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Slide 1 - Northwest Association for Biomedical Research

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  • Stem cells do not have any tissue-specific structures that allow them to perform specialized functions.   In the laboratory, scientists use this ability to divide repeatedly to create stem cell lines. Under special conditions (in the body or through experimental conditions) they can be induced to become cells with special functions. They are naturally occurring at all levels of development and are the way that an organism makes specific cell types to properly function. As organisms develop, the stem cells are harder to find and lose some of their ability to differentiate.

Slide 1 - Northwest Association for Biomedical Research Presentation Transcript

  • 1. Stem Cells in Research
    • Promises and Pitfalls
    Denise Inman, PhD University of Washington Department of Neurosurgery
  • 2.  
  • 3. Overview
    • What are stem cells?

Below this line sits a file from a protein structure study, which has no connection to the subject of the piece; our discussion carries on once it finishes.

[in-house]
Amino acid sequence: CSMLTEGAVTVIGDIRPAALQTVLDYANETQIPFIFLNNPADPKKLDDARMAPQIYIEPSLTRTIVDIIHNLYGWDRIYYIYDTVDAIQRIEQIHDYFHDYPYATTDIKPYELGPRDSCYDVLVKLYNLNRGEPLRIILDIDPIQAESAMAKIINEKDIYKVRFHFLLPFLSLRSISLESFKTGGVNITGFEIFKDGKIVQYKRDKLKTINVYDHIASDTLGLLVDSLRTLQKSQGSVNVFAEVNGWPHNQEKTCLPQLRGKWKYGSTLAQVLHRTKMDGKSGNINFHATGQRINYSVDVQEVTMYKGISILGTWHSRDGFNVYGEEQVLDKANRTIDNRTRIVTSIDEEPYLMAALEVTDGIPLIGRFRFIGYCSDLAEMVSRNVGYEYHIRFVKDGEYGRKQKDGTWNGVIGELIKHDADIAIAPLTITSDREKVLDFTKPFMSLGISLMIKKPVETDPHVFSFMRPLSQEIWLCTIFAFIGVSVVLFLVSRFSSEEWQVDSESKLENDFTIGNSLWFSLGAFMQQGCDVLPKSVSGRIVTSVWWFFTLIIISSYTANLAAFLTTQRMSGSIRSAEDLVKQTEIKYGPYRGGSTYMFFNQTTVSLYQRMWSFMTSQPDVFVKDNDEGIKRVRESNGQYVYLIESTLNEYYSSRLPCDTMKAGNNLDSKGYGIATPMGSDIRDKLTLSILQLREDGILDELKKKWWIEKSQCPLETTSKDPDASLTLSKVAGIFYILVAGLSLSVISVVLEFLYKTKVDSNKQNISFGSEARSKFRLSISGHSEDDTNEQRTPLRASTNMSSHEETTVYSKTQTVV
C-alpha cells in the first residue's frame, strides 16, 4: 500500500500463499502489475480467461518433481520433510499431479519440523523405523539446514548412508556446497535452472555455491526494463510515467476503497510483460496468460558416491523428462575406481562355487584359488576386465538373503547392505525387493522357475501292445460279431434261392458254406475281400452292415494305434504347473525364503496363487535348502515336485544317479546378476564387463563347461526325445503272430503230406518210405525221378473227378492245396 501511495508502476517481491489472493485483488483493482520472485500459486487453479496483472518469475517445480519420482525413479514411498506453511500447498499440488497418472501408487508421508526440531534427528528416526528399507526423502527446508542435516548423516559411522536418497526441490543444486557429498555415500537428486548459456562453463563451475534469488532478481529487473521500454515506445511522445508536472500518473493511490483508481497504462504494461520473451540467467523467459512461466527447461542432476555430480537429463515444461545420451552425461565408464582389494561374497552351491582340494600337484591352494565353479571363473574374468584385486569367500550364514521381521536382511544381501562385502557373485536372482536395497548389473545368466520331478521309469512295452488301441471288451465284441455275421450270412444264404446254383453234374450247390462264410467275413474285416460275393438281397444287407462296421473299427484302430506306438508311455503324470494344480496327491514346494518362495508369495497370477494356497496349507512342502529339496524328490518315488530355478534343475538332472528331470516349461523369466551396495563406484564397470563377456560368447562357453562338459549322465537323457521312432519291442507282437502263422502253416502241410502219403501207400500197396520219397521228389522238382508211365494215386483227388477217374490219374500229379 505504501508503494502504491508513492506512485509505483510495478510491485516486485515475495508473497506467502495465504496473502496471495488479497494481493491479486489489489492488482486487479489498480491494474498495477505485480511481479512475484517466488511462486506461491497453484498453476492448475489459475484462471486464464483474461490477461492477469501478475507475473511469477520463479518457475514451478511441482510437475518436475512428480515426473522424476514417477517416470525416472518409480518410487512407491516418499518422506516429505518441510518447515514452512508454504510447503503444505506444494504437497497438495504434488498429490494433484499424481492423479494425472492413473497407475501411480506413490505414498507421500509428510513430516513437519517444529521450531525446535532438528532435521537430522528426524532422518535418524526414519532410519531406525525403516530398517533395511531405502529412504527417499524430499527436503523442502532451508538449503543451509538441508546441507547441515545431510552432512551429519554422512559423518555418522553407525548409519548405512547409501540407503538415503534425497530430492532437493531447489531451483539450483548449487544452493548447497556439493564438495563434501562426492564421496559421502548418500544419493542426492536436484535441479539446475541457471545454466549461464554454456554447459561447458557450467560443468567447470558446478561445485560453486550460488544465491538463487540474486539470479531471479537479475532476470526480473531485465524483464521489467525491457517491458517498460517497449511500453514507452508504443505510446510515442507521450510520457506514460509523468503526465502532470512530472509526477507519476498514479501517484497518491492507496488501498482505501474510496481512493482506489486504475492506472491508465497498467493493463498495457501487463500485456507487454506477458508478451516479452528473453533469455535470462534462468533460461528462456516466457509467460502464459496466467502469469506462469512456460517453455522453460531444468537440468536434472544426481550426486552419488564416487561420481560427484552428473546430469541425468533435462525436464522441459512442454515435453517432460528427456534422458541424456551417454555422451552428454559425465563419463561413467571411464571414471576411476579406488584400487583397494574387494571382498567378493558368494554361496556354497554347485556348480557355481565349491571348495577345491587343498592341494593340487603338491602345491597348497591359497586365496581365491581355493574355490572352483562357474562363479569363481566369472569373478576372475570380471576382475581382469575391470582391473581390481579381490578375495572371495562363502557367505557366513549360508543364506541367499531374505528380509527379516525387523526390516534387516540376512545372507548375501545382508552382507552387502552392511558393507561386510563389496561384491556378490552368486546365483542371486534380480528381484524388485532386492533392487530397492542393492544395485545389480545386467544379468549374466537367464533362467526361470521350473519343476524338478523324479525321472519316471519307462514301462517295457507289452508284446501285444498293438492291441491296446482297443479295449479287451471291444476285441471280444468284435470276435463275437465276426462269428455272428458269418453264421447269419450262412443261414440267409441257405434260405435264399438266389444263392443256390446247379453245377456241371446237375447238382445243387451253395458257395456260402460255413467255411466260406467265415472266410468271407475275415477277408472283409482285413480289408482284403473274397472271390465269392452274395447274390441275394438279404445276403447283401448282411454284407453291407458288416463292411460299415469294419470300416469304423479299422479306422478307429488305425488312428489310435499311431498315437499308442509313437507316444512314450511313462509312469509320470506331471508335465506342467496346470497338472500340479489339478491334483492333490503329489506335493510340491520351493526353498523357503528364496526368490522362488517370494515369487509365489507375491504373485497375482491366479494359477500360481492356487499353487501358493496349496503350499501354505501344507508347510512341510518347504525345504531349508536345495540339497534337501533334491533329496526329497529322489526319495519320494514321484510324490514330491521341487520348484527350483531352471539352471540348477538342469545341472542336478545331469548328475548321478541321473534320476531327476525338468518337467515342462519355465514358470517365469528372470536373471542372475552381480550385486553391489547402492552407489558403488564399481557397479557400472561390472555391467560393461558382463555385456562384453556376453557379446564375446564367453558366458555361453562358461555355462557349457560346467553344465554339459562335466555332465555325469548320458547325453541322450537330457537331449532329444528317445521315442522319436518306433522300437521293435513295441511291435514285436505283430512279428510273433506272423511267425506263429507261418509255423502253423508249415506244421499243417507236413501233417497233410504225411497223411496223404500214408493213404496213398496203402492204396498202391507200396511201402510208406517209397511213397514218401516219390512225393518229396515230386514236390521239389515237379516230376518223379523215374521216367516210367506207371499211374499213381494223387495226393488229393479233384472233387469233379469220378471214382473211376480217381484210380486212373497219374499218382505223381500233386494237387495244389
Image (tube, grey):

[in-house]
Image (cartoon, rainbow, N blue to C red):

• How do embryonic and ‘adult’ stem cells differ?
      • How are different types of stem cell lines created?
    • Stem cells in research and medicine
    • Alternatives to the embryo
  • 4. Early Development Fertilized egg Totipotent stem cells Totipotent : Can become any cell in body or placenta Fate Decision Pluripotent stem cells Blastocyst Pluripotent : Can become any cell in body Implantation Gastrulation Fate Decision Multipotent stem cells Primary Germ Cells Endoderm (inner) Mesoderm (middle) Ectoderm (outer) Multipotent : Can become any cell within a specific germ layer or cell lineage Embryonic stem cells come from inner cell mass of blastocyst.
  • 5. Embryonic Stem Cell Characteristics
    • Not committed to a specific fate
    • Pluripotent — can differentiate into specialized cell types
    • Self-renewing
    endoderm mesoderm ectoderm Courtesy of James Thomson, U. Wisconsin-Madison
  • 6. Is that an Embryonic Stem Cell? Embryonic stem cells injected into a SCID mouse will grow into teratomas, tumors of the germ cell layers. Individual ESCs under the correct conditions will make many different cell types. The true potential of stem cells can only be assessed retrospectively SCID Mouse: Severe Combined ImmunoDeficiency